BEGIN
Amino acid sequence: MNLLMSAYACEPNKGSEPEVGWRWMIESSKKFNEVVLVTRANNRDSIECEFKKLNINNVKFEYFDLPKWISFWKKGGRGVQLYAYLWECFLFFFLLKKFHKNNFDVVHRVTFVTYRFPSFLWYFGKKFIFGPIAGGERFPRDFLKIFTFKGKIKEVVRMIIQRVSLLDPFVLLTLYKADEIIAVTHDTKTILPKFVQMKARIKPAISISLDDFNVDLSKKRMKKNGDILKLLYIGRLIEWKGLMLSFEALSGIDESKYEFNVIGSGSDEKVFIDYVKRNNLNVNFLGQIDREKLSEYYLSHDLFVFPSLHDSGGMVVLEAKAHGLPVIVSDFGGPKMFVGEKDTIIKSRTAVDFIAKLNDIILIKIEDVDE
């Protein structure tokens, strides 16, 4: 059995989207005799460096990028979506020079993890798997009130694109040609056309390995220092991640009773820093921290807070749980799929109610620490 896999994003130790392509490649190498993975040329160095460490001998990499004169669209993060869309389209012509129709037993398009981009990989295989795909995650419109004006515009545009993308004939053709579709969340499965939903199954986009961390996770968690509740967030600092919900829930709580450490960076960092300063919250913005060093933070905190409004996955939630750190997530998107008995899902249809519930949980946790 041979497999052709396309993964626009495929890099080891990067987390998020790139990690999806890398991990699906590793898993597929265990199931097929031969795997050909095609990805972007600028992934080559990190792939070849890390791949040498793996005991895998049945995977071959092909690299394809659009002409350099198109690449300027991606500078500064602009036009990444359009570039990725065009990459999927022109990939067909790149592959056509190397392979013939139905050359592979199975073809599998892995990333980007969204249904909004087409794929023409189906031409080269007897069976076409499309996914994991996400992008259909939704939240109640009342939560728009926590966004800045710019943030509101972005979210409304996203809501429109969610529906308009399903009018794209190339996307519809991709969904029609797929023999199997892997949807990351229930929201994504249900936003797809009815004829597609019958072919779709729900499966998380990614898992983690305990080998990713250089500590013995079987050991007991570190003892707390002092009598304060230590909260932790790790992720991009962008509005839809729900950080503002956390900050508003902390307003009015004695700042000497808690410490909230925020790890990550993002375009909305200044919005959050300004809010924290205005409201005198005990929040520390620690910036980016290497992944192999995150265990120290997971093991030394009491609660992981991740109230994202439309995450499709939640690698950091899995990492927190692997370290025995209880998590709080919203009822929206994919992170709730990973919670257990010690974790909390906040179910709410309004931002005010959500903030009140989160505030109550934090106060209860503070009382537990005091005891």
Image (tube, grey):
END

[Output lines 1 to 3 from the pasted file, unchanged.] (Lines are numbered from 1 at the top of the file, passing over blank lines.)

Amino acid sequence: MNLLMSAYACEPNKGSEPEVGWRWMIESSKKFNEVVLVTRANNRDSIECEFKKLNINNVKFEYFDLPKWISFWKKGGRGVQLYAYLWECFLFFFLLKKFHKNNFDVVHRVTFVTYRFPSFLWYFGKKFIFGPIAGGERFPRDFLKIFTFKGKIKEVVRMIIQRVSLLDPFVLLTLYKADEIIAVTHDTKTILPKFVQMKARIKPAISISLDDFNVDLSKKRMKKNGDILKLLYIGRLIEWKGLMLSFEALSGIDESKYEFNVIGSGSDEKVFIDYVKRNNLNVNFLGQIDREKLSEYYLSHDLFVFPSLHDSGGMVVLEAKAHGLPVIVSDFGGPKMFVGEKDTIIKSRTAVDFIAKLNDIILIKIEDVDE
């Protein structure tokens, strides 16, 4: 059995989207005799460096990028979506020079993890798997009130694109040609056309390995220092991640009773820093921290807070749980799929109610620490 896999994003130790392509490649190498993975040329160095460490001998990499004169669209993060869309389209012509129709037993398009981009990989295989795909995650419109004006515009545009993308004939053709579709969340499965939903199954986009961390996770968690509740967030600092919900829930709580450490960076960092300063919250913005060093933070905190409004996955939630750190997530998107008995899902249809519930949980946790 041979497999052709396309993964626009495929890099080891990067987390998020790139990690999806890398991990699906590793898993597929265990199931097929031969795997050909095609990805972007600028992934080559990190792939070849890390791949040498793996005991895998049945995977071959092909690299394809659009002409350099198109690449300027991606500078500064602009036009990444359009570039990725065009990459999927022109990939067909790149592959056509190397392979013939139905050359592979199975073809599998892995990333980007969204249904909004087409794929023409189906031409080269007897069976076409499309996914994991996400992008259909939704939240109640009342939560728009926590966004800045710019943030509101972005979210409304996203809501429109969610529906308009399903009018794209190339996307519809991709969904029609797929023999199997892997949807990351229930929201994504249900936003797809009815004829597609019958072919779709729900499966998380990614898992983690305990080998990713250089500590013995079987050991007991570190003892707390002092009598304060230590909260932790790790992720991009962008509005839809729900950080503002956390900050508003902390307003009015004695700042000497808690410490909230925020790890990550993002375009909305200044919005959050300004809010924290205005409201005198005990929040520390620690910036980016290497992944192999995150265990120290997971093991030394009491609660992981991740109230994202439309995450499709939640690698950091899995990492927190692997370290025995209880998590709080919203009822929206994919992170709730990973919670257990010690974790909390906040179910709410309004931002005010959500903030009140989160505030109550934090106060209860503070009382537990005091005891």
Image (tube, grey):